Some of the best lessons we can learn we learn the hard way. Don’t you agree? The Aspen Beast was one of the best challenges I have had. Maybe top 5 hardest physical activities. It was a ton of fun and I learned a lot. The lessons however were learned the hard way and will not be easily forgotten. Going to give you the dime tour of the race and some solid lessons if you think something like this is in the cards for you.
This was my first Beast and my first race over 8 miles. It turned out to be over 13 miles, 4,400 feet of total elevation gain, and 33 obstacle’s. Temperature at race time was near 80 degrees and terrain was Snowmass Mountain near Aspen. Basically hot and steep hills in the mountains. Mentally I was ready. I knew it was going to be hard, but thought I had trained enough to make it through. While I was right and I had enough to make it through, by no means was it pretty or easy.
Within the first quarter mile of the race my water bladder leaked and I had to dump it. So basically my personal water supply, which had hydration powder in it was gone. Great start. The heat came early and stayed all day. Felt pretty strong for the first 5-6 miles. Then (dramatic music) the cramps hits. Not being a seasoned athlete I had never had cramps like this. Calf cramps got so bad it was hard to jump, run, and sometimes walk. This was not a great feeling knowing I had over half the race left. This is where the mental game really started. Step up or shut up.
The last 6-7 miles were much harder. Accents became brutal and obstacles that needs my calf’s and legs got far more challenging. I remember jumping up to clear a 8 foot wall and cramping. I just had to lay on the top of the wall for awhile while I got up the guts to just back down the other side. Coincidently there was a woman who jumped and was laying on the wall for the same reason I was. Good company.
On mile 10-11 there was a final accent. 45 degree or high grade easy for at least a quarter mile, if not more. There were bodies everywhere on the hill. Battle zone. I was cramping, but so were others. It was a common suffering. Many of us were walking around with reduced leg mobility and goose-stepping. One couple was using a pipe vacuum cleaner attachment to roll out their legs. It would have been funnier if I wasn’t in the same boat.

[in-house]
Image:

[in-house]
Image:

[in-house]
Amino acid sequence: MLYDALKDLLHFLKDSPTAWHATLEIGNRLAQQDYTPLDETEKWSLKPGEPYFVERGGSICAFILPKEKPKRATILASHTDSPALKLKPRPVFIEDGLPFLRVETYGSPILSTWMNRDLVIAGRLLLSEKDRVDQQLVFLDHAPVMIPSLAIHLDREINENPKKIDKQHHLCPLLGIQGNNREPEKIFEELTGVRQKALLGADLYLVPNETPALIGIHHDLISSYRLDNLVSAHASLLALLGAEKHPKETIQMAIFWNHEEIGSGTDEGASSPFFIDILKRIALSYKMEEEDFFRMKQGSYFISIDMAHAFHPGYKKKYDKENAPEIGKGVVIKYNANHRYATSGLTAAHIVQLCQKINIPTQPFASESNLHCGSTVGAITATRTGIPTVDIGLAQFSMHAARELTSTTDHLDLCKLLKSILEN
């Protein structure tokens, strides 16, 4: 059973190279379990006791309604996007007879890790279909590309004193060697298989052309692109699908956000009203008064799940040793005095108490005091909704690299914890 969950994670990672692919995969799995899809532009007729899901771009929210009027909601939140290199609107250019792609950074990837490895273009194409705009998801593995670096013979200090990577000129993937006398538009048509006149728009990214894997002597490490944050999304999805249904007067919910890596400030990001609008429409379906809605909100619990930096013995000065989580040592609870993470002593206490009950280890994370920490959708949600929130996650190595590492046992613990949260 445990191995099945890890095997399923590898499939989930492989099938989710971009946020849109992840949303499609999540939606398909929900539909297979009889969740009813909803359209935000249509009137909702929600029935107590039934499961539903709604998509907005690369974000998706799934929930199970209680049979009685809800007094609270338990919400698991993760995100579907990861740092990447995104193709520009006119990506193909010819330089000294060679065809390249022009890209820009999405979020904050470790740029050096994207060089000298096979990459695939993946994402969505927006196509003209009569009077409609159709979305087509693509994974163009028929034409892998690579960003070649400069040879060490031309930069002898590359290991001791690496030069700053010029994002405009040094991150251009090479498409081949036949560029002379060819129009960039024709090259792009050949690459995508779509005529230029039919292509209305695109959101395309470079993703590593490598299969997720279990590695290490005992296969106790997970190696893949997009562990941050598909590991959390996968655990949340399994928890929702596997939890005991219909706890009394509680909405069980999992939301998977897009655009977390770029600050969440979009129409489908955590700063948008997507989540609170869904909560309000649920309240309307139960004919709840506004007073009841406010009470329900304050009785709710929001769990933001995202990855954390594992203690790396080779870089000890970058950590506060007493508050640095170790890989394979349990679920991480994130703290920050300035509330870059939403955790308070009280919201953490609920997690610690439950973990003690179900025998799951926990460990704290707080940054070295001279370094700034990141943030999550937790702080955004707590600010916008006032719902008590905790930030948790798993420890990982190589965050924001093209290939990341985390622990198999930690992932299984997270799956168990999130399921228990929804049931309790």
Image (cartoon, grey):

Finished in four hours and 30 minutes. Top 25%. It was an amazing feeling to cross that finish line. Not just because I was done (thankfully), but having the feeling that against all the opposition that race threw me, I still made it. The race, while hard, was a great time. As with all the other Spartans I have done, the other competitors were friendly and always up to help. When you are out there, its like you are one big team, not just a bunch of individuals. I have mentioned this before, if you haven’t tried one, do it. I doubt you will regret it.
Once I had regained the ability to walk normal again and was properly hydrated I started to think back on the race and on my prep and training. Over the next few weeks I considered things and ended up with some lessons learned for next year. Here they are in no particular order:
- Don’t Underestimate the Heat: At the end of day a large part of my cramping I think can be attributed to the heat. I was not prepared for that amount of heat exposure under tension. Lesson here is to make sure nutrition, training, and hydration support going into a hot race condition. In hind sight I would have carried lots more hydration powder and salts and would have loaded on those days ahead of time to have them already in the body. I would have also planned my nutrition better. Training in the heat is also on my plan.
- Identify Limits and Weak Points: I found my weakness in the race when I got those cramps. Hindsight if my training was more rigorous I may have found my limit earlier and had the opportunity to address it. Hitting that half was through the race is not a good time to learn. Basically try and make it really hurt before the race, so if you get in that spot during the race you are prepared both physically and mentally.
- Nutrition: On race day, my stinger waffles and salt chews were not enough. Even though I had recently run an 8 mi Spartan without much nutrition that experience made no difference in this environment. Lesson here is to be more diligent in nutrition the week of the race and be able to tailor race day supplies based on needs. Needs on a rainy day in Austin are not the same needs on a hot day in Aspen. One interesting item here is that mustard really helps cramps. Don’t ask me the science on it, it just does. Someone spared me a packet and it gave me a bit of relief for a time. I dislike mustard, so choking that down was not fun. Next time I will have a bag of those. No joke.
- Hills and Altitude: The heat hurt and the 4,400 feet of gain didn’t do me any favors. There is a huge difference between doing 13 miles on flat terrain versus going up and down a ski mountain. While I did do some hill and altitude training, it was not near enough. Training plan now includes more hills and operating at higher altitudes.
Don’t let any of this scare you though. No dancing around the fact this was hard, but it was a great time. So great that I will be doing it again next year, no question. The main thing I wanted to get across is plan for what you can, but expect the unexpected. Nothing good is ever achieved easily and this was no exception. I will be in a better spot next year, but anticipate a curve ball I don’t yet see. I cant wait.